Another advantage of the present invention is that physical datum p never comes out of the chip.

FIG. 3 very schematically shows an integrated circuit chip 10 according to a first example of application of the present invention. This example concerns the application of the storage and reading method to the scrambling of a key (for example, a private key of an asymmetrical encryption protocol, RSA) which is to be stored in an EEPROM 11 of chip 10.

Upon personalization of the integrated circuit chip by the introduction of its private key, the key is provided by a secure system (not shown) to a circuit 13 performing the scrambling, masking, coding, encryption, or combination according to the present invention (COMB). Circuit 13 also receives a binary word p coming, for example, from a register 14 (REG) for storing the digital datum linked to a physical parameter network 15 (PPN) integrated with the chip. The result of the combination performed by circuit 13 f(d, p) is provided to EEPROM 11.

According to a preferred embodiment of the present invention, combination circuit 13 is invalidated once the private key has been stored in the EEPROM in a scrambled manner. This is why, in FIG. 3, circuit 13 and the different connections necessary to the storage of the key has been shown in dotted lines. These elements are used for the chip personalization only.

As an alternative, the so-called personalization elements are maintained active to enable registering of protected data during the product lifetime.

To enable reading and exploitation of this stored key by conventional authentication methods, integrated circuit chip 10 includes a decoding circuit 15 giving back the key to a conventional cryptography unit (CRYPTO) 16 representing the application of the protected datum stored by the method of the present invention. Circuit 15 receives, like circuit 13, physical datum p provided by register 14 for each read requirement. It decodes the stored datum f(d, p) coming from the EEPROM to restore the key.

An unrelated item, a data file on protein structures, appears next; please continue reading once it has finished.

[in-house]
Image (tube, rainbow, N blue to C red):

According to a preferred embodiment of the present invention, physical datum p extracted from physical parameter network 17 is only temporarily stored in register 14. According to a first example, a volatile register 14 being deleted when the chip is no longer supplied may be provided. Accordingly, each time the chip comes out of a smart card reader, this datum disappears. According to a second example, temporization means may be provided to have physical datum p disappear from register 14 even while the chip is still in a reader but after a predetermined duration having enabled its exploitation by circuit 15 in read mode.

As an alternative, register 14 is omitted, and the resulting bits of network 17 are directly sent to scrambling and decoding circuits 13 and 15.

A preferred embodiment of a physical parameter network will be illustrated hereafter in relation with FIG. 5. However, a conventional physical parameter network including, for example, measuring electric parameters, may also be used. It may be, for example, a measurement of the threshold voltage of a transistor, a measurement of a resistance or a measurement of stray capacitances, a measurement of the current provided by a current source, a time constant measurement (for example, an RC circuit), a measurement of an auxiliary frequency, etc. Since these characteristics are sensitive to technological and manufacturing process dispersions, it can be considered that the electric parameters taken into account are specific to a manufacturing and form, at the very least, a signature of the integrated circuits resulting from this manufacturing, or even an individual signature of each chip. An implementation of a physical parameter network including measuring electric parameters present in the network in the form of resistances, stray capacitances or the like is conventional. Circuits using a time measurement may also be used as a physical parameter network. For example, the read/write time of an EEPROM-type memory is measured. An example of a physical parameter network of this type is described in U.S. Pat. No. 5,818,738. In a preferred embodiment of the physical parameter network which will be described in relation with FIGS. 5 and 6, it will be seen that the physical datum may as desired be linked to a manufacturing batch or personalized from one chip to the other.